While we’re on our renovation hiatus, we thought we’d come up with a few “FAQ” and tips pieces to give you a bit of a sense of how our artists and instructors in residence work, and how they’ve become productive working artists. Today, we’ve had Melissa, one of our interns, put together some thoughts from our current artistic faculty on their home studio setups. Keep in mind that all of our staff work in different media, from paint to playwriting, so these are more general rules that can be used for any practice!
Separate relaxation space from productive space:
One of the best pieces of advice any of our artists shared is to keep separate spaces for different mental states. You should have a sleeping, relaxing, and “absorbing” area, and then a separate space which you save for being productive. That helps you get in a productive mode when you sit at your desk, since you’re creating habits. It also is supposed to help you switch off the “work” part of your brain at the end of the day, when you’re in the sleeping/relaxing areas. Most of our artists keep a dedicated room for art “head space”, but even if you’re in a smaller space, they say you can make it work as long as you keep your space divided psychologically and physically.
Get a good chair
If you’re a writer or someone who draws at a sketchpad, you should invest in a good chair that keeps you productive all day. Lots of science has been showing that sitting kills us in a lot of ways, but our artists all agreed that it’s most deadly to creativity.
Even if you’re a painter, you’re going to have to sit down sometimes, so you should find a chair that’s good for taking a break. Then again, a lot of the artists here stressed that you shouldn’t get something like an armchair. Rav, one of our curators, recommends using an ergonomic office chair (he has a Herman Miller, which he bought on the recommendation of this website. He swears by it, but they have some other recommendations that are probably more “artist friendly” on the money front. The key is to either get a good ergonomic chair that keeps your spine in good alignment for example, or a chair that prevents terrible back pain like the ones on http://officeworthylist.com/best-chair-back-pain, or to get an active one that keeps your blood flowing (but most of our staff agreed they’re not super good for art, since they wobble in a way that’s bad for drawing.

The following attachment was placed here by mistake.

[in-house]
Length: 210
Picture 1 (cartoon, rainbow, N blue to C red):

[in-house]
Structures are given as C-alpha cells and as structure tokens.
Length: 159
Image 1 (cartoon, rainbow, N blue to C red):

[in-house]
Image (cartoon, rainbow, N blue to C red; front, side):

All our artists agreed that the biggest struggle in making a home studio practice happen well is managing distractions. They had different ways to tune out electronics, family, or other interference, but most suggested finding a “zone” to put all your distracting things, especially smart phones. You don’t necessarily have to turn everything off, especially if you’re working in photoshop or editing software on a computer, but you should at least turn off desktop notifications during your work time. Keep everything in a nook so you’re not constantly checking apps or texting.
Make your studio a healthy space:
Our artists have suggested something we take very seriously at the studio, which is making a healthy, happy space to work in. You can do the same at home. Maximize your natural light by making full use of windows and try bringing in some plants, which has been proven to help mood and general sense of well-being, especially in office and studio spaces. Reducing clutter is also generally shown to reduce anxiety or feelings of restlessness, although some other artists work best in clutter. The idea is to create the healthiest version of your idea space.
Well, that’s all for now. I hope this has been helpful, and inspired to you improve your home studio! Don’t forget to visit Office Worthy List for the most comfortable office chair online and many more!
Hope to see you soon at the Gallery!